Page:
Apple’s CEO Is Fighting Hard to Win This Market… And It’s Not the U.S.

This week, Tim Cook just opened Apple’s (AAPL) newest store… in China.

The tech giant is currently facing what could be one of the biggest antitrust lawsuits in history. Yet its CEO was halfway around the world taking care of business.

Cook wasn’t in China just to grace the opening of Apple’s second-largest store worldwide – and its 57th in China…

He was there to make sure Apple didn’t lose any more ground… in what recently became the company’s biggest single market for iPhones..

You see, Apple ended 2023 on a high note. It had a leading 17%-plus share of China’s smartphone market last year.

But iPhone sales in the country plunged 24% year over year (“YOY”) in just the first six weeks of 2024.

That kind of YOY decline for a massive brand like Apple – in a smartphone market that only fell by 7% from the previous year – is unheard of.

Meanwhile, Chinese tech giant Huawei saw its market share nearly double in a year to near 17%. And as Apple’s sales plunged at the beginning of this year, Huawei’s sales popped 64%.

Taken together, Huawei looks like it has already surpassed Apple as China’s largest smartphone vendor so far this year…

That’s impressive. Just a year ago, Huawei wasn’t even able to produce high-end smartphones. U.S. sanctions had prevented it from buying advanced microchips.

So this massive change likely alarmed Cook. It’s a rise he hasn’t seen since Apple first released its iPhone almost 17 years ago.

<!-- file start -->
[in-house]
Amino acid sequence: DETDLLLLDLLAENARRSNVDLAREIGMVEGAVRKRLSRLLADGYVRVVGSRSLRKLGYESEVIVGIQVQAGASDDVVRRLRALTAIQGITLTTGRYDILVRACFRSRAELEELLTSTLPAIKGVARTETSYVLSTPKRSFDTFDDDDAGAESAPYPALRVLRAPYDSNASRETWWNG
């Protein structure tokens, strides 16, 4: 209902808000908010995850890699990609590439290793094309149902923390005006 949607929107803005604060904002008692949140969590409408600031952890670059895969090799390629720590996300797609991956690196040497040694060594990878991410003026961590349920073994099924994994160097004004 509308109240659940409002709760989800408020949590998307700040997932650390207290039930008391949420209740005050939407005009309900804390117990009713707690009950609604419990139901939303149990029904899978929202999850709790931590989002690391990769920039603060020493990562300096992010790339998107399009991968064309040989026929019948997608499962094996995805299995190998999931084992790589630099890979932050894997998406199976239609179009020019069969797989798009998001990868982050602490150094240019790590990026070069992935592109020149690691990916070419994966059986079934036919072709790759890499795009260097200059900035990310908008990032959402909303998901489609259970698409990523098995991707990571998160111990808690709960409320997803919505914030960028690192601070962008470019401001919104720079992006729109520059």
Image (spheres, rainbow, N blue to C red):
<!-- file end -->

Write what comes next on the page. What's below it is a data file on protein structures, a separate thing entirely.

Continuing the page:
Folks, the reality is that the U.S. smartphone market suffers from a lack of competition. It’s practically an oligopoly.

Apple has an incredible 62% share of the market, while Samsung has a 17% share.

The third-largest-selling brand – with a 9% share – is owned by Chinese brand Lenovo. But in the U.S., it mostly sells Motorola-branded smartphones. Lenovo acquired the business a decade ago.

That means other brands have just a combined 12% share.

Again, Apple has a dominant position in the U.S. This is largely why the U.S. Department of Justice believes the company is violating antitrust laws.

But Apple’s U.S. dominance hasn’t helped in China. The company constantly fluctuates from first place to third place in China’s enormous smartphone market.

Apple doesn’t completely dominate there like it does in the U.S.

In China, Apple faces big and capable competition coming from all corners.

Keep in mind that many of China’s best homegrown smartphone brands – and Apple’s toughest competitors in the country – aren’t available for public consumption in the U.S.

They’re either banned outright (like Huawei) or must go through steep approvals to get cleared for domestic sale.

That ultimately means fewer choices for American consumers and less competition for Apple.

And unless the U.S., Mexico, or even India become smartphone-manufacturing powerhouses overnight, Apple can’t help but remain at the top in the U.S.

That’s why Cook would rather be in China this week. He has a big reason to be paying attention to his company’s efforts there.

Good investing,

Vic Lederman

Scroll to Top